Coca plants grow just two months a year amid the lush greenery of the Colombian countryside. But the cocaine those plants produce powers a multibillion dollar industry that has spread around the world.
Despite the reputation for decadence and sophistication that has been built up around cocaine, the production process is simple.
Local farmers, sometimes families aided by neighbors, pick leaves by hand and then put them through a complex and noxious process to eventually turn those leaves turned into coca paste.
That paste can then be sold to traffickers, either Colombia's left-wing rebel group Revolutionary Armed Forces of Colombia (FARC) or one of the many gangs that have proliferated in the 20 years since the fearsome and powerful Medellin cartel of Pablo Escobar disintegrated in the wake of Escobar's ignominious death in 1993.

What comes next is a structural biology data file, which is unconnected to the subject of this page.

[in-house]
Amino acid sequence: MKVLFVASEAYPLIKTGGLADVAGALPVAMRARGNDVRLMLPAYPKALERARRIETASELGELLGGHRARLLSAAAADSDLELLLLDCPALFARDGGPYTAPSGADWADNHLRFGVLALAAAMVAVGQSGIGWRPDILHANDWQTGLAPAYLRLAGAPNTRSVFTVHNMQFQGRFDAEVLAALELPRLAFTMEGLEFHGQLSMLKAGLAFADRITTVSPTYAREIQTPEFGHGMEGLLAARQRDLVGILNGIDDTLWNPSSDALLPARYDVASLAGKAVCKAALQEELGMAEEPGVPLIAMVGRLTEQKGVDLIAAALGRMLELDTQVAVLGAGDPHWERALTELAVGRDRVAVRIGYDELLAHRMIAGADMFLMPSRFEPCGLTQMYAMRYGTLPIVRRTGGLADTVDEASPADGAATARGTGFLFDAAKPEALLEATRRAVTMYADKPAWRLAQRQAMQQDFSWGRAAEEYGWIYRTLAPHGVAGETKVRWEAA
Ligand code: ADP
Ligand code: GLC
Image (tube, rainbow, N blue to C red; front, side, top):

Despite intense and often violent efforts by Colombia (with strong backing by the US) to reduce coca cultivation, the trade has seen a resurgence in recent years.
The photos below, taken by the Associated Press' Rodrigo Abd, document the coca-paste-production process, revealing the humble beginningsof one of the world's most lucrative illegal drugs.